Tag Archives: agricultural communications research

Blog 13: Theory in Qualitative & Quantitative Designs in Ag Comm

In quantitative agricultural communications research, there are two ways in which researchers typically apply theory. The first way, is to inform the study. In this type of study, the researchers determine how theory might influence the objectives of the research. The first of your JAC readings from this week represents this application of theory. The Baker, Abrams, Irani, and Meyers study utilized the PR Excellence Theory in order to inform their research related to the media’s perception of a specific land-grant institution. The authors took this theory into consideration while designing their study and their conclusions and discussion tie back to the theory. However, this was not built upon the PR Excellence Theory; it did not test the theory or add to the theory.

The second reading for this week, as you may have guessed, represents the other way theory is typically utilized in quantitative agricultural communications research. The Hall and Rhodes study was built upon the theory of planned behavior and the theory of diffusion of innovations. You will notice the researchers’ objectives tie to specific components of the these theories. As you compare the objectives from the other reading, you will notice that the Baker et al. reading’s objectives do not tie to theory.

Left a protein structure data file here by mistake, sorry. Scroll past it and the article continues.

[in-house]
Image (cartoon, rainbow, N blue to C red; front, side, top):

Both types of application of theory are important for the field of agricultural communications. As scholars, we should strive to always include a theoretical or conceptual framework for our research. In some cases the research questions or objectives we have may lend themselves to testing theory. As you are reading about a theory, you are likely asking yourself questions like “I wonder if this theory would hold true in a family-farm setting or in my place of business or home?” A study with objectives designed to answer those questions would fall into the model of basing a study on a theory and testing the theory. In other cases our research questions or objectives may be more applied like “I wonder how farmers perceive the organization I work for?” It is quite likely that theory will inform this question, but unlikely that a study designed to answer this question would test a specific theory.